It turns out that President Donald Trump may not be bad for the stock market after all.
Asian stock markets stumbled shortly after Trump overtook Hillary Clinton in the presidential vote count early Wednesday. From there, Wall Street appeared set for a slump of its own, only it never materialized.
Global financial markets soon steadied as Trump delivered an acceptance speech pledging to unify a deeply divided nation.
And despite wavering in the first hour of trading, U.S. stocks rallied the rest of the day, lifting the Dow Jones industrial average within 50 points of a record close.
“There will be some uncertainty” with a Trump victory, said Anoop Rai, a professor of finance at Hofstra University, speaking on Tuesday before the election. “But overall he is a businessman and his business acumen will take over.”
Rai added that after the Brexit vote, stocks plummeted and then recovered.
The Dow ultimately climbed 256.95 points on Wednesday, or 1.4 percent, to 18,589.69. The average was briefly up 317 points.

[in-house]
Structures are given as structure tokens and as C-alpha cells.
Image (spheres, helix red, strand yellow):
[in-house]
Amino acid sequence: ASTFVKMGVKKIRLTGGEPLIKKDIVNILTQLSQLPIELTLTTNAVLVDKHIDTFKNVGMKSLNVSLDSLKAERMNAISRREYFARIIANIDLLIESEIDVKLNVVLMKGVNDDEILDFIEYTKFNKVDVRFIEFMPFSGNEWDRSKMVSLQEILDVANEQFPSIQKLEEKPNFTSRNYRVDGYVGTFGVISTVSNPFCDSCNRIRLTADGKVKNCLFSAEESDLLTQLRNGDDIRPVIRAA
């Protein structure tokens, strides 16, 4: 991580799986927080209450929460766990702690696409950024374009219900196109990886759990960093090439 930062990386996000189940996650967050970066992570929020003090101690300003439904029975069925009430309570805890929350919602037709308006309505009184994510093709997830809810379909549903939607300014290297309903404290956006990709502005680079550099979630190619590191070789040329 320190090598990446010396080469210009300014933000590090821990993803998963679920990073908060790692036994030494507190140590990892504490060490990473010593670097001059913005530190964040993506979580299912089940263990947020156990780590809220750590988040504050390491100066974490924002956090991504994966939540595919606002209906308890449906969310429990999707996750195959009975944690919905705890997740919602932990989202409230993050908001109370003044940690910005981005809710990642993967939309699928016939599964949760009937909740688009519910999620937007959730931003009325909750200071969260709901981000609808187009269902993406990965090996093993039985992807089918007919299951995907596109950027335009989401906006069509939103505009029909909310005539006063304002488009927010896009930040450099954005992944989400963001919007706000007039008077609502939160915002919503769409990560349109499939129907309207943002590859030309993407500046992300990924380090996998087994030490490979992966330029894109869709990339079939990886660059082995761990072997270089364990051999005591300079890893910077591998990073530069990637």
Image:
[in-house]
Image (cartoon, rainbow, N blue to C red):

The Standard & Poor’s 500 index gained 23.70 points, or 1.1 percent, to 2,163.26 The Nasdaq composite index rose 57.58 points, or 1.1 percent, to 5,251.07.
Wall Street had largely seen Clinton as more likely to maintain the status quo, while viewing Trump’s polices as less clear. Investor anxiety ratcheted up in recent weeks as the race tightened, leading to a nine-day slump for the market that ended Monday. By Election Day, the market had mostly bounced back and priced in a Clinton win.
On Wednesday, faced with a president-elect Trump, traders piled into health care and financial stocks — sectors seen as likely to struggle under a Clinton administration. They also sold off safe-haven stocks like utilities and consumer-focused companies.
Billionaire investor Carl Icahn was among those who seized on Trump’s win to play the market. The billionaire told Bloomberg that he put about $1 billion “to work” on stocks early Wednesday.
Investors hope Trump plans for infrastructure spending, tax cuts and lighter regulation will benefit the economy. They expect those spending plans will call for issuing more debt.
A sell-off in bonds sent prices tumbling, driving the yield on the 10-year Treasury note up to 2.08 percent from 1.86 percent late Tuesday. That’s the highest the rate has been since January. That yield is a benchmark used to set interest rates on many kinds of loans, including home mortgages.
Traders are selling bonds to hedge against the possibility that interest rates, which have been ultralow for years, could rise steadily again under a Trump administration, said Tom di Galoma, managing director of trading at Seaport Global Securities.
“People are starting to believe that Donald Trump is good for the economy, which makes him not so good for the bond market,” di Galoma said.
With David Reich-Hale